A few days ago, in response to a question, I reposted on the problem of fundamentalism; looking back on the blog some six years, I see that at about the same time another related question appeared.  This involves fundamentalists who object to calling Jesus a “great moral teacher” since, for them, he is actually God himself.   It will take two posts to reply to that view, first, in this one: was Jesus in fact a great moral teacher?  The answer might seem obvious but, well, not so much.



Do you think Jesus was a great moral teacher?   If you think this is the case would you mind blogging about it?  Fundamentalists are using C.S Lewis (the well-known author of Narnia and The Problem of Pain) approach in this matter. Apparently they are happier if people call Jesus a lunatic vs. a great moral teacher.



I think this question is going to require at least a couple of posts: one on Jesus as a moral teacher and one on the claim by C. S. Lewis and others that if it’s true that he was a great moral teacher then we cannot very well think he would flat-out lie about the most important aspect of his teaching: his personal identity as God. (That latter is what lay behind the end of the question.)

So first, Jesus as moral teacher. As it turns out, this is a complicated question. The short answer, of course, is that Yes, Jesus was a great moral teacher. The complicating factor is that Jesus was not a great moral teacher in the sense that people today think of great moral teachers. That’s because the basis for morality for Jesus – the very heart of why he taught morals – is completely different from what people today think of as the basis of morality.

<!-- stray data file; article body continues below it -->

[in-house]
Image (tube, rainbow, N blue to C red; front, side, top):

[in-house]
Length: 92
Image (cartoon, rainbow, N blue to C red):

So let’s start with today. Most people today who teach morality teach it for the sake of all of us and for the good of society. If people were to behave morally, the thinking goes, society will be better for all of us for the long haul. There would be no hateful and harmful activities toward others if we all behaved in the way we should, not murdering, stealing, betraying, harming, screwing the other person to get ahead, and so on. If we all behave morally, we will all get along for the long haul, and life will be better for us both as a society and as individuals within it.

None of that has anything to do with Jesus’ teaching of morality.   Jesus did not teach that we should all be moral so as to get along for the long haul.  For a very simple reason.  Jesus didn’t think …

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